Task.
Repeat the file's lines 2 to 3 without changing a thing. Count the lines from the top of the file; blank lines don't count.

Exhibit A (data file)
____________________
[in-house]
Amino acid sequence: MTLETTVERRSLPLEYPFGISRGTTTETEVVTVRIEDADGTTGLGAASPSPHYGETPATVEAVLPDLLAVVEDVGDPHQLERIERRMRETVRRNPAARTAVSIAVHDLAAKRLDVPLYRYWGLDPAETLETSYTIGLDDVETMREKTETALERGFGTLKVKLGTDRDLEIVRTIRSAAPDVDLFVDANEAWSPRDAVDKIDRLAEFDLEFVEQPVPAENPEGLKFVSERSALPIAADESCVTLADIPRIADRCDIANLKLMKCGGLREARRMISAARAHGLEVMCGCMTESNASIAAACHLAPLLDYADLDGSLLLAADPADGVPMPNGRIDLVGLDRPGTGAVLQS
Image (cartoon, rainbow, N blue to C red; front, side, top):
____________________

Amino acid sequence: MTLETTVERRSLPLEYPFGISRGTTTETEVVTVRIEDADGTTGLGAASPSPHYGETPATVEAVLPDLLAVVEDVGDPHQLERIERRMRETVRRNPAARTAVSIAVHDLAAKRLDVPLYRYWGLDPAETLETSYTIGLDDVETMREKTETALERGFGTLKVKLGTDRDLEIVRTIRSAAPDVDLFVDANEAWSPRDAVDKIDRLAEFDLEFVEQPVPAENPEGLKFVSERSALPIAADESCVTLADIPRIADRCDIANLKLMKCGGLREARRMISAARAHGLEVMCGCMTESNASIAAACHLAPLLDYADLDGSLLLAADPADGVPMPNGRIDLVGLDRPGTGAVLQS
Image (cartoon, rainbow, N blue to C red; front, side, top):